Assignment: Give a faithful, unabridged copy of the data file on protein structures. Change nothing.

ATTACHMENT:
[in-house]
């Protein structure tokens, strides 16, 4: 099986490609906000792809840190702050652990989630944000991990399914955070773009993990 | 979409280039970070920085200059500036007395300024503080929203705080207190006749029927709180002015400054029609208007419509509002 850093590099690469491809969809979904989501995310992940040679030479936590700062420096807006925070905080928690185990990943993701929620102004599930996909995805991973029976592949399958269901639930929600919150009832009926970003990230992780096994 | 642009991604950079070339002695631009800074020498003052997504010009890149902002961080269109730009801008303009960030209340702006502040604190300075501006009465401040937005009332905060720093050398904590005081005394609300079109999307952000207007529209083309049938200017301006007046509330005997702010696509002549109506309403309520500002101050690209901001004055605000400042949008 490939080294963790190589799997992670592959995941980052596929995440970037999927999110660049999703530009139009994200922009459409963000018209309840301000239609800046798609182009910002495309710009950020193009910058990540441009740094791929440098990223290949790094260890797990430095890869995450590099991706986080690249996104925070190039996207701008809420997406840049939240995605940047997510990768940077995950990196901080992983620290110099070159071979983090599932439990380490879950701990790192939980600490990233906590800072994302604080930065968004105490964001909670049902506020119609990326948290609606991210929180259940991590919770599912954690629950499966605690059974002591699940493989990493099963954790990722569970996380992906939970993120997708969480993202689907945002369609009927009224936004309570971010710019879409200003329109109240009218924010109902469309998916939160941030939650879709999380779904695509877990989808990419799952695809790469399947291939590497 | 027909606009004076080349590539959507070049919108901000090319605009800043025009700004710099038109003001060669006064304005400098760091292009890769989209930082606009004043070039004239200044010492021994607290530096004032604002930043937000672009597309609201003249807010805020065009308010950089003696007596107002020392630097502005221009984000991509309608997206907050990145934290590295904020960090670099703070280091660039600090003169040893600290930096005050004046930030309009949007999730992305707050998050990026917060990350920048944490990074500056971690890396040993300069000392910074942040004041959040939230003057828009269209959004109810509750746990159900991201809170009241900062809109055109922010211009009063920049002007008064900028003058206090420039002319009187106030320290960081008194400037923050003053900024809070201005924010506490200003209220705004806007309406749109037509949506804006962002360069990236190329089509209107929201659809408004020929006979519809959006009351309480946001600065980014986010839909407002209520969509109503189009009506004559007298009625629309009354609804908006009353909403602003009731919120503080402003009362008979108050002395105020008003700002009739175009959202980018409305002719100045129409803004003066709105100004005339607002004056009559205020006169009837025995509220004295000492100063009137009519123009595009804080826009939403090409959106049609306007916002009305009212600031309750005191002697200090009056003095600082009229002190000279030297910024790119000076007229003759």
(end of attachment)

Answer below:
[in-house]
């Protein structure tokens, strides 16, 4: 099986490609906000792809840190702050652990989630944000991990399914955070773009993990 | 979409280039970070920085200059500036007395300024503080929203705080207190006749029927709180002015400054029609208007419509509002 850093590099690469491809969809979904989501995310992940040679030479936590700062420096807006925070905080928690185990990943993701929620102004599930996909995805991973029976592949399958269901639930929600919150009832009926970003990230992780096994 | 642009991604950079070339002695631009800074020498003052997504010009890149902002961080269109730009801008303009960030209340702006502040604190300075501006009465401040937005009332905060720093050398904590005081005394609300079109999307952000207007529209083309049938200017301006007046509330005997702010696509002549109506309403309520500002101050690209901001004055605000400042949008 490939080294963790190589799997992670592959995941980052596929995440970037999927999110660049999703530009139009994200922009459409963000018209309840301000239609800046798609182009910002495309710009950020193009910058990540441009740094791929440098990223290949790094260890797990430095890869995450590099991706986080690249996104925070190039996207701008809420997406840049939240995605940047997510990768940077995950990196901080992983620290110099070159071979983090599932439990380490879950701990790192939980600490990233906590800072994302604080930065968004105490964001909670049902506020119609990326948290609606991210929180259940991590919770599912954690629950499966605690059974002591699940493989990493099963954790990722569970996380992906939970993120997708969480993202689907945002369609009927009224936004309570971010710019879409200003329109109240009218924010109902469309998916939160941030939650879709999380779904695509877990989808990419799952695809790469399947291939590497 | 027909606009004076080349590539959507070049919108901000090319605009800043025009700004710099038109003001060669006064304005400098760091292009890769989209930082606009004043070039004239200044010492021994607290530096004032604002930043937000672009597309609201003249807010805020065009308010950089003696007596107002020392630097502005221009984000991509309608997206907050990145934290590295904020960090670099703070280091660039600090003169040893600290930096005050004046930030309009949007999730992305707050998050990026917060990350920048944490990074500056971690890396040993300069000392910074942040004041959040939230003057828009269209959004109810509750746990159900991201809170009241900062809109055109922010211009009063920049002007008064900028003058206090420039002319009187106030320290960081008194400037923050003053900024809070201005924010506490200003209220705004806007309406749109037509949506804006962002360069990236190329089509209107929201659809408004020929006979519809959006009351309480946001600065980014986010839909407002209520969509109503189009009506004559007298009625629309009354609804908006009353909403602003009731919120503080402003009362008979108050002395105020008003700002009739175009959202980018409305002719100045129409803004003066709105100004005339607002004056009559205020006169009837025995509220004295000492100063009137009519123009595009804080826009939403090409959106049609306007916002009305009212600031309750005191002697200090009056003095600082009229002190000279030297910024790119000076007229003759």